Daily news summary
Coalition partners ANO, ČSSD remain at odds over culture minister candidate
Prime Minister Andrej Babiš (ANO) and Social Democrat (ČSSD) chairman Jan Hamáček failed to find common ground at a meeting Monday over the appointment of a new Minister of Culture.
Hamáček said the Social Democrats, the junior coalition party, insist on their candidate, Michal Šmarda, and say President Miloš Zeman is violating the Constitution by failing to appoint him.
President Zeman said last week that Mr Šmarda was unqualified for the job, a view PM Babiš said on Friday that he shared.
Critics say the president is trying to exercise undue political power through his largely ceremonial position. He and Mr Babiš are due to meet to discuss the situation on Tuesday. The Social Democrats have threatened to quit the government if their candidate is not appointed.
Auditors: Culture Ministry needs uniform, transparent system for allocating funds
The Czech Ministry of Culture needs to be more uniform and transparent in how it dispenses grants and funds activities in the sector, the Supreme Audit Office (NKÚ) says in its latest report.
The report analysed the distribution of over 500-600 million crowns allocated by the ministry in the years 2016 to 2018. It found there was no effective digital system in place to both centralise and track the flow of money.
The NKÚ also noted that nine different sections within the ministry allocated subsidies, each having their own regulations.
The result is a fragmented, overly complex system whereby, for example, an entity seeking support for a dance and theatre festival must submit two markedly different applications.
Warning issued over depopulation of small towns and villages
The Association of Local Administrations has warned that Czech small towns and village are facing depopulation and called on the government to take steps to resolve the situation, Czech Television reported.
The main reasons people are moving away from smaller urban areas are a reduction of services and insufficient civic amenities.
The head of the Association of Local Administrations, MEP Stanislav Polčák of the Mayors and Independents, told Czech Television that young people were moving to regional cities, leaving only older people in some areas.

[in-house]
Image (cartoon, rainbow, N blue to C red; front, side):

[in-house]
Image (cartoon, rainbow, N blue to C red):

The problems faced by specific municipalities are recorded on a special interactive map that the association has been working on for three years.
‘Million Moments’ plans mass anti-gov’t protest march on 21 August
The anti-government protest movement A Million Moments for Democracy plans a march through Prague on the 50th anniversary of a protest held a year after the Soviet-led invasion of Czechoslovakia in 1968.
Organisers of the march on 21 August say they want both to commemorate past events and draw attention to current political issues that threaten the Czech democracy.
The group has accused Prime Minister Andrej Babiš (ANO) of undermining the rule of law while milking Brussels and Czech taxpayers to line his own pockets.
The Czech police have recommended that Mr Babiš be charged with fraud tied to the use of EU funds. He is also accused of having a conflict of interest because many decisions he makes benefit the Agrofert business empire he founded.
In late June, A Million Moments for Democracy organised the biggest public protest since the 1989 Velvet Revolution that overthrew Communism, calling for Mr Babiš to resign.
Extra 1 billion crowns earmarked to recruit new teachers
The ministers of finance and education agreed Monday on a draft budget for the education sector of 213 billion crowns in 2020, roughly 8 percent more than this year. That includes an extra1 billion crowns earmarked mainly to recruit new teachers.
Minister of Education Robert Plaga (ANO) said more teachers will be needed in the coming years due to higher birth rates earlier in this decade.
The draft budget counts on raising teachers’ salaries by 10 percent next year and by 9 percent in 2021, in line with the government’s pledge to raise salaries in the education sector to 150 percent of 2017 levels.